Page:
#maisonbodega is both the home and office of creative visionary Liz Gardner. Nestled in the Whittier neighborhood of Minneapolis, the three story structure is bursting with character. Inside, Gardner strategizes, creates, and consults for businesses big and small. For anyone who has had the pleasure of visiting the Bodega Ltd. offices, the ethereal energy is undeniable. The space, like Gardner’s work, is always evolving in beautiful and creative ways. A hard working she-boss, we were honored to grab a moment of Gardner’s time to speak on her journey as an entrepreneur and her exciting and ever-evolving world.
BLNCD: Bodega Ltd. is truly a full-service creative studio. You guys do everything from strategy to creative direction to public relations, product development, and interior design. Have these services all been present since the inception of Bodega, or did some develop out of a need or realization of the connectivity between them all?
LG: There has definitely been an evolution of services — but most are related to the discovery + curiosity that is a part of our process. There were natural connection points between the creative direction/branding process and spaces/objects. We didn’t set out to become interior designers or product developers– but rather to create a holistic brand experience that is rooted in story and cultural context.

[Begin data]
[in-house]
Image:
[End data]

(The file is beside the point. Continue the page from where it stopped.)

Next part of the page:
BLNCD: From your myriad of entrepreneurial endeavors to the way you’ve completely remodeled your live/work space, your vision and creativity is off the charts. As a younger person, was there a specific moment where you knew a more traditional career was not for you?
LG: I was raised in an entrepreneurial environment so traditional career parameters were never really expected or modeled. But the rural environment I grew up in was something I really had to wrestle to make sense of — there weren’t the kind of expanders that exist today, who could speak to how the stimulus deficit of farm life could actually be paramount in creating an aesthetic perspective. Both of those factors made me seek out ways to channel my creativity into something with edges. Magazines and editorial really allowed for me to answer “what do you do?” in one word while still making space to work with type, design, styling, creative direction, fashion, home, food, etc, etc. under one umbrella. This really informed the “constellation thinking” that we apply to projects in Bodega Ltd.